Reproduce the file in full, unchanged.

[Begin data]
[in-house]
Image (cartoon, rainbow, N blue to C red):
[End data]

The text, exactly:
[in-house]
Image (cartoon, rainbow, N blue to C red):